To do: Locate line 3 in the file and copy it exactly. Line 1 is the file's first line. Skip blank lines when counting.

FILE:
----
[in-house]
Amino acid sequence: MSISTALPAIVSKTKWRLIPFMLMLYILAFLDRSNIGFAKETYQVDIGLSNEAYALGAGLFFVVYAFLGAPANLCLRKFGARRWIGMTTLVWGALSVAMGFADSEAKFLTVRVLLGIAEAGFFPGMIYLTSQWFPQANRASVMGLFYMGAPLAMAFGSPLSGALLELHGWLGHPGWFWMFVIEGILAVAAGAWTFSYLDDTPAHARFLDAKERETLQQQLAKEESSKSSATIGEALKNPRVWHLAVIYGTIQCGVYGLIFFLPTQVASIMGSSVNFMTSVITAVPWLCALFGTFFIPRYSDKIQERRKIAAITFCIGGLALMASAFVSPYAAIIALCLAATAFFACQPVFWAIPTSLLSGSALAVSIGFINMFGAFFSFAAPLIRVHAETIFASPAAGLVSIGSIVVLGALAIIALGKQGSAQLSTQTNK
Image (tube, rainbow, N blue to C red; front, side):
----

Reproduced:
Image (tube, rainbow, N blue to C red; front, side):